For example, Bache recently offered a tax exempt mutual fund that featured the Prudential as its adviser. Industry analysts point out that such combinations will probably increase. Initially it may not have any impact on the consumer, but eventually it might result in cost savings for the firms, which are passed on to the consumer.
In fact, if the mergers are to work, says H. Virgil Sherrill, president of the Bache Halsey Stuart Shields Group Inc., ''they must benefit the consumer.'' Mr. Sherrill predicts that if the industry conducts its business ''through efficiency and cost reductions'' they will benefit the consumer. For example, Bache and the Prudential both have large electronic data systems. Sherrill forsees more integrated use of equipment, potentially saving money. ''There is a lot of work we can jointly share,'' says the Bache president, ''and a lot of technology that neither one of us has but can use.'' In March, Bache and the Pru plan to revamp their electronic data systems to see what systems can be combined.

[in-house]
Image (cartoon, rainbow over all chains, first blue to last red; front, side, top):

At Shearson-American Express, John McCann, the firm's Chatham, N.J., branch manager says his ompany is also studying how best to use the new merger. He says , ''it wouldn't surprise me if we include a travel person in the office and introduce Fireman's Fund casualty insurance to a lot of people.''According to investment analyst Spivack, the really significant developments are yet to come. He notes that Merrill Lynch, the nation's largest brokerage house, has developed an interest in electronic shopping and has invested in a company in Connecticut who specializes in such wizardry. Investors could receive financial services directly in their homes, perusing stock quotes and placing orders on an electronic terminal.Through American Express's cable TV subsidiary, Warner-Amex Cable, Shearson customers likewise may be able to shop electronically. In fact, Shearson probably has an edge on other companies in this regard since Warner-Amex Cable has been quite successful at winning new cable franchises.One thing consumers of the newly merged companies will notice quickly is an increase in the volume of their mail. Nearly all of the mergers will present the brokers with enormous mailing lists. ''I expect we will see utilization of each other's customer base,'' says Bache's Sherrill, ''but I'm not sure when it will evolve. It won't be in the next week or next month.'' The Pru has 50 million policyholders and Bache about 500,000 customers. Dean Witter Reynolds has 650, 000 clients, while Sears has 24 million credit card customers. American Express has 9.5 million ''green credit card'' customers and Shearson has 500,000 customers.Another immediate impact of the mergers will be a proliferation of the so-called ''cash management accounts,'' pioneered by Merrill Lynch. These accounts permit individuals to receive interest on their checking accounts at money market rates. An individual can write checks or use a credit card to draw money against the account. Most brokers require at least the equivalent of $20, 000 of market value in order have a cash management account. Even so, Merrill Lynch is reportedly opening up thousands of new accounts per week because of it. With the new mergers, the other brokers now will have the resources to open up similiar accounts.McCann of American Express-Shearson thinks the entry of Sears into the business will probably be the most stimulative of the mergers, opening up the concept of the ''financial supermarket'' to the consumer for the first time. Bache's Sherrill agrees, adding, ''I don't think the Dean Witter salesman will sell iceboxes, soap, and securities, but with that type of customer list, there will be a lot of services beneficial to the consumer.'' Sears, still in the process of legalizing the merger, declined to comment. Earlier in the year, however, Sears chairman Edward R. Telling stated, ''Our goal is to become the largest financial service entity.''Sears has the potential of attaining that goal. Its customer base is huge. Not only does Sears have 24 million credit card accounts, but Dean Witter brokers cite a recent SRI International study that found Sears also has twice as many customer-families earning over $36,000 per year as does American Express.Computers eventually will be able to tie together financial information from Sears' Allstate Insurance subsidiary, its Savings and Loan in California, Coldwell, Banker & Co. Inc., its newly acquired commercial real estate brokerage firm, and its mortgage banking subsidiary, Allstate Enterprises. Eventually a broker at Dean Witter Reynolds can recommend an insurance agent at Allstate or mortgage broker at Allstate Enterprises. Conversely, a broker at Allstate could send new customers to Dean Witter Reynolds. And, as one observer hypothesized, with automatic teller machines in its stores, Sears could begin to compete against the local banks, Visa, MasterCard, and American Express in the battle for control of the consumer's dollar.Naturally, not everyone thinks Sears will be that successful. McBee Butcher, executive vice-president of Butcher & Singer, a Philadelphia brokerage firm, points out ''there is a big difference between retailing, selling insurance, and working in an entrepreneurial mode.'' Furthermore, Mr. Butcher says, ''I'm not sure the class investor we are dealing with really wants to deal with Sears, or a financial supermarket, as his investment adviser.''